• Implementing two factor is pretty basic now and should be required for most if not all public apps.  We will think about social logins as well, but we’re not sure if that is relevant yet.
  • Knowing about both failed password attempts and successful attempts after a lot of failed attempts is interesting and will allow us to see brute forcing.
  • Setting security headers is easy and should be automatic.  Let’s make sure we do it.
  • Force SSL is self explanatory.
  • Verifying that we have secure and httpOnly set for session cookies is easy once we think of it.
  • We’re using Vue.js for the front end.  Let’s stop and make sure it is handling malicious script inputs the way we think and ensure that our API’s are encoding data as needed.
  • If we’re storing sensitive information, let’s talk through and document key management and algorithms as a team.
  • Let’s build a threat model that we can use on an ongoing basis for each different app component.  We’re thinking about threat dragon but I generally just use a mind mapping tool.  I think I’ll write a whole post about these.

Anyway, if you’re working on any kind of web application, most of these apply in one shape or form.  Reach out to me if you have questions.  Happy building!!!

Incubator: Canary Data

Matt Konda No Comments

Incubator

At Jemurai, we have started incubating products.  We love security consulting and the engineering we do there, but there is something amazing about building a product.  In particular, I constantly crave the experience of pushing the limit and trying something new and a little different.  I’m even embracing marketing and failing fast.  So each month, we take an idea out of our product backlog of ideas and try pushing ourselves with it a bit.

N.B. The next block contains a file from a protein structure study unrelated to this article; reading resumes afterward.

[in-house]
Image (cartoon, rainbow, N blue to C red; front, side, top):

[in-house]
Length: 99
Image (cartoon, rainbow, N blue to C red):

Last month, we released a set of simple Security Policy Bundle for $249 that you can download here.  This month, we’re pushing the canary.

Canary in the Coal Mine

What is the canary in the coal mine all about anyway?  Well, miners used to take a canary with them into the mine so that if carbon monoxide levels rose enough to be dangerous, they would know.  The canary would die and they would hopefully get out before the CO caused problems for them too.

In short, the canary is an early warning signal.

How Does Canary Data Work?

The way we envision canary data working is that we provide known data that is bad.  Sounds silly, right?  Except that we track it and know who we gave it to, when and for which of their environments.  Then we search for the known bad (canary) data in increasingly sophisticated ways and when we find it, it is a strong indication that a client has had a breach (of any kind!) at a certain point in time, in a certain location, application, part of their network, cloud, etc.

By tracing which canary data shows up, we can help both notify clients early of potential issues but also pinpoint where and which parts of their operations may have issues.  Its an early warning signal.

Input?

As with any “incubator” project, we have a lot of fresh ideas about how it could work, but it will have to be tested in the wild – so we’re interested in input or anyone that would like to help us test it in the realz.  Contact me to talk further.